Tourists even, “manifest their own corruption by remaining content with [their] obviously inauthentic experiences,” (Errington and Gewertz in Gmelch, 98). Everyone who visits Disney knows the living history is romanticized. After all, Main Street USA leads right up to a castle and the fantasyland beyond that. However, some visitors do prefer this type of living history to experiences in foreign countries, “some prefer simulations like ethnic theme parks, living museums, and other reconstructions to the real thing,” (Gmelch, 20). Gmelch used the example of a woman she overheard saying she preferred the submarine in Disneyland over the small submarine they had just stepped off in the Barbados. Guests who walk down Main Street USA are satisfied with the buildings they see and are content to take in the Disney-ified version of Marceline rather than visiting the real thing. Even if guests did seek to visit the real Marceline they would be unable to go back to the time period Disney World presents it in.

Isenberg’s recreation of the Lincoln Cabin and its surrounding sites is also unauthentic because it’s a modern reconstruction, “rather than a historically accurate reconstruction, the fort was a permanent structure wrapped in veneer that served as an interpretive device for the edification of 20th century visitors,” (Moore, 65). The reenactment of the Lincoln marriage is unauthentic as well because it is staged by reenactors, “the centerpiece of the day, however, was a re-enactment of the Lincoln marriage ceremony performed by students,” (Moore, 73.).  People living today will never be able to met the real Lincolns and are forced to be satisfied with living history reenactments.

When it comes to Disney World, they may not even realize the performances on Main Street USA have any historical significance since they are not linked to major historical events. Either way, visitors are pleased with what they see because they take it as entertainment. The pageant held in Harrodsburg parades reenactors dressed as historical figures. Disney has its own pageants with the several parades that are held daily. Guests and the cast members watch as princesses and cartoon animals float through Main Street. Neither event is accurate. Abraham Lincoln and Daniel Boone would never have paraded together through Harrodsburg in the past, and Princesses would never have been the local heroes of 20th century Marceline. In Papua New Gineau, tourists may feel they are encountering realistic living history, but despite that they are not reenactors or paid employees the initiates are still putting on a show for the tourist sake, “the hazers had suddenly defined the performance as staged, at least in part, for tourists rather than the Chambri themselves and this called into question its authenticity,” (Errington and Gewertz in Gmelch, 106).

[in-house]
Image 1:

Living history does not have to be deeply rooted in authenticity to gain attention from tourists. Walt Disney World is more discreet about how they incorporate living history into its park. While living history is not Disney’s primary goal in the creation of its “theme” parks, the parks could not exist without it because that’s where they get their “theme” from. Living history is a successful way to entertain guests and tourists, even when it is not on the most educational scale or derived directly from major historical events. Main Street USA is designed to create an atmosphere for the park, rather than to serve as a destination to see living history. Cast members are required to dress and act according to certain guidelines to submerge guests in their new surroundings and make them feel as if they stepped into a new “world”. Living history doesn’t have to be overt. Disney World successfully mixes living history along with their attractions to satisfy and keep guests coming back. Many guests never notice the living history element present on Main Street USA and elsewhere in the park because they are lost in the excitement of it all. The details put into the living history will keep guests coming back because they will always discover something new upon returning.


Errington and Gewertz, “Tourism and Anthropology in a Postmodern World,” in Sharon Bohn Gmelch, Tourists and Tourism: A Reader, Waveland Press (2009): 91-114.

Gmelch, “Why Tourism Matters,” in Sharon Bohn Gmelch, Tourists and Tourism: A Reader, Waveland Press (2009): 3-24.

Moore, William, “United We Commemorate”: The Kentucky Pioneer Memorial Association, James Isenberg, and Early Twentieth-Century Heritage Tourism,” in The Public Historian, Vol 30, No. 3 (Summer 2008): 51-81.